This one has lots of what Terrytoons are notorious for: cycles! And cycles of the commonest kind: ants harvesting and a baby factory! It also has a voluptuous Queen Ant and a sweetly delivered punchline which may make it worth your trouble. Withheld from television release; presumably because it leaves too many "birds-and-bees" questions unanswered for tiny tots (and their beleaguered parents).
Views: 805503 Milton Knight
I don't hang on to many things I loved as a child, but this is forever. The virtues of Jim Tyer's shootout need not be stated, and I was especially wowed by the bizarre surprise in Carlo Vinci's "gun matching" scene. As a kid, before home videos, I had to keep memories of this one in my head through the school day so I could attempt to reproduce the "feel" in still drawings at home. Animation like this is not just made up of "funny" and "cool" drawings; it has to be expertly timed to "read" at all. They all knew their stuff (not just the "stars" of the studio).
Views: 56025 Milton Knight
The Farmer and his cat vs. the mice. A good example of the humor with which Philip A. Scheib used sound in the early days. Made during the short period when Terrytoons incorporated popular tunes from outside sources: in this case, "Good Evenin'".
Views: 10015 Milton Knight
The early 1930s Lantz cartoons are sometimes exhausting to watch because the creators went out of their way to make every occurrence a funny, or, more often, weird one. Makes me wonder if anyone involved missed "the good old days" with the "literalization" of animation that took hold by 1935. (TV title getting the original "Winged" wrong.)
Views: 6082 Milton Knight
Young Gandy dreams he is a "G-man" (actually an old-fashioned deerstalker-capped detective) investigating strange noises in a haunted house. With Frankenstein, Dracula and Mrs. Jones. Opening musical theme: "The Happy Farmer" by Schumann.
Views: 4447 Milton Knight
A slapstick tale of a real life figure who transmuted into legend: Ban Naoyuki (1567 — 1615), a Japanese samurai general. Here, depicted as a lovable, blustering strongman (who uses pince-nez!), he does battle with a house of tanuki, the funloving, shapeshifting raccoon dogs, led by the one-eyed Date Masamune (1567 –1636) another historic warrior. Both these true-life personalities continue to figure in Japanese popular media. Here we see the comic, Fleischer-inspired side of Japanese animation, with a hero resembling Bluto, and modern props incongruously figuring in a historic milieu. But still, an atmosphere of comic suspense is maintained. “Drawings”: Yoshitaro Kataoka, who made some of the earliest efforts in color productions, was also a creator of manga.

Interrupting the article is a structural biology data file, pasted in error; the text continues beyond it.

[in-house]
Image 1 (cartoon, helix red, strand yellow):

Views: 107629 Milton Knight
If you've seen a strikingly good idea in a Heckle & Jeckle or Mighty Mouse cartoon, chances are it's not the first time Terrytoons used it. Here, 14 years before he debuted in the Mighty Mouse series as a cat, is the first appearance of Oil Can Harry. Note: The bank manager proposes to cut his staff's salaries "right in two", which Paul Terry did to one employee when it was reasoned the artist was too old-fashioned (and drunk) to be employable elsewhere. Prominent animation by Bill Tytla, Jerry Shields, Frank Moser, Art Babbitt.
Views: 15182 Milton Knight
The Farmer tries to keep his pet from eloping. The "star attraction" here, as far as I'm concerned, is the ballad "Agnes", probably an original song by Philip A. Scheib (during a period when they were working hard to introduce them in these films; "Gypsy Life" being the only one anyone remembers). The scenes with the couple on a bicycle was an early one by "Connie" Rasinski, exhibiting his learning from Bill Tytla. The shot with the cats walking down the aisle is by a staffer whose animation was full of awkwardness and errors, but was also ambitious and charming.
Views: 8090 Milton Knight
Exceedingly bizarre cartoon with the second appearance of the title character (the first was CINDERELLA) and the debut of Fanny Zilch's design (soon to start the first "Oil Can Harry" miniseries.) Whether the King's character was "inspired" by the debut of Van Beuren's Little King series, no one alive can say.
Views: 13519 Milton Knight